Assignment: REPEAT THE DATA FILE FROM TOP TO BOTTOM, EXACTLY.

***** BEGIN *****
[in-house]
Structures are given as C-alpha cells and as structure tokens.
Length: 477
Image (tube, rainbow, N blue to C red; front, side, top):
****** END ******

[in-house]
Structures are given as C-alpha cells and as structure tokens.
Length: 477
Image (tube, rainbow, N blue to C red; front, side, top):